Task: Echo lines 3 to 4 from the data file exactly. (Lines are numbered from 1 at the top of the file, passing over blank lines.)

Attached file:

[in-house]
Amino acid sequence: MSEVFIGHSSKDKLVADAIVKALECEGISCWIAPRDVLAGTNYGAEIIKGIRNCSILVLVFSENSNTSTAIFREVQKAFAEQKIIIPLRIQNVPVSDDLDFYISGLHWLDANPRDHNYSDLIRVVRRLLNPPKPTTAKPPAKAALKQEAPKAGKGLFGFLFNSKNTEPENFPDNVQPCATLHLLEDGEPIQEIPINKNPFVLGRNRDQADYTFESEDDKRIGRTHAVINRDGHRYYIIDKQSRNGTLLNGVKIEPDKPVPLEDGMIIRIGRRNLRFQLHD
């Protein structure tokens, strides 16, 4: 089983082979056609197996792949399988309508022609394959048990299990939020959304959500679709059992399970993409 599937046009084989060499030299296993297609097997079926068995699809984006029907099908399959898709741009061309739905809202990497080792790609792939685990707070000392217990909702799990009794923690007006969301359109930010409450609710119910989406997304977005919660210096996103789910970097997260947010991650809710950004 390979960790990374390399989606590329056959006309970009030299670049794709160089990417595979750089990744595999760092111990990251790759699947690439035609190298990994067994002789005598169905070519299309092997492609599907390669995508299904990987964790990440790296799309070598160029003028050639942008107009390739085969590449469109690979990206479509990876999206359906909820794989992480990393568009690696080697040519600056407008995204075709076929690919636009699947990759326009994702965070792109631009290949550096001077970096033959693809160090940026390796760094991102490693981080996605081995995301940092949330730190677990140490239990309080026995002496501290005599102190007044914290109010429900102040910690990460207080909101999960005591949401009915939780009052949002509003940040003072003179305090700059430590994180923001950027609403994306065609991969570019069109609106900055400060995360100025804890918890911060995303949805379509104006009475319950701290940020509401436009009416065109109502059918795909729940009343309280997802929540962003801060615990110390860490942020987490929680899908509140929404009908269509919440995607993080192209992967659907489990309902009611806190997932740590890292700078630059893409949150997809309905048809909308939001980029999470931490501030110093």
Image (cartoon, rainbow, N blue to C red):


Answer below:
């Protein structure tokens, strides 16, 4: 089983082979056609197996792949399988309508022609394959048990299990939020959304959500679709059992399970993409 599937046009084989060499030299296993297609097997079926068995699809984006029907099908399959898709741009061309739905809202990497080792790609792939685990707070000392217990909702799990009794923690007006969301359109930010409450609710119910989406997304977005919660210096996103789910970097997260947010991650809710950004 390979960790990374390399989606590329056959006309970009030299670049794709160089990417595979750089990744595999760092111990990251790759699947690439035609190298990994067994002789005598169905070519299309092997492609599907390669995508299904990987964790990440790296799309070598160029003028050639942008107009390739085969590449469109690979990206479509990876999206359906909820794989992480990393568009690696080697040519600056407008995204075709076929690919636009699947990759326009994702965070792109631009290949550096001077970096033959693809160090940026390796760094991102490693981080996605081995995301940092949330730190677990140490239990309080026995002496501290005599102190007044914290109010429900102040910690990460207080909101999960005591949401009915939780009052949002509003940040003072003179305090700059430590994180923001950027609403994306065609991969570019069109609106900055400060995360100025804890918890911060995303949805379509104006009475319950701290940020509401436009009416065109109502059918795909729940009343309280997802929540962003801060615990110390860490942020987490929680899908509140929404009908269509919440995607993080192209992967659907489990309902009611806190997932740590890292700078630059893409949150997809309905048809909308939001980029999470931490501030110093």
Image (cartoon, rainbow, N blue to C red):